Idiomatic meaning of "uwasa no"?

Wei Ting Jen intewig
Mon Jun 25 10:00:28 EDT 2007

I would personally go for "Rumour's Lady" or "Rumour's Daughter" i.e.
personifying "rumour".
Other possible alternatives: "The much gossiped-about", "The
talked-about", turning talkabout and gossipabout into adjectival

I would say "Talk of the town Tora" or "The talked-about Tora" is not
a bad translation because of the alliteration.

On 6/25/07, Massa Alice V. <kingyo02 at> wrote:
> Well, English is not my mother tongue, but rather than "rumor" I would go
> for something "to talk about" or "everybody is talking about".
> alice massa
> >From: Michael Kerpan <mekerpan at>
> >Reply-To: KineJapan at
> >To: KineJapan at
> >Subject: Idiomatic meaning of "uwasa no"?
> >Date: Mon, 25 Jun 2007 06:30:25 -0700 (PDT)
> >
> >There are a number of films, that use "uwasa no" in their titles --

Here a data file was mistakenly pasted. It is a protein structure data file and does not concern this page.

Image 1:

> including Mizoghi's "Uwasa no onna" and Naruse's "Uwasa no musume".  In
> both cases, the standard translation for "uwasa no" is the clunky "of the
> rumor".  My guess is that "uwasa" in this case is better translated as
> "gossip"  and "uwasa no" as something like "gossiped about". I note that
> the translation for Yamada's "Otoko wa tsurai yo: Uwasa no torajiro" is
> "Talk of the Town Tora-san" -- which w2ould seem to support my theory. ;~}
> >
> >Does any one here know of accurate, but more colloquial ways to render
> "uwasa no" in English?
> >
> >Thanks
> >
> >Michael Kerpan
> >Boston
> >
> _________________________________________________________________
> ????????????????????????????????????

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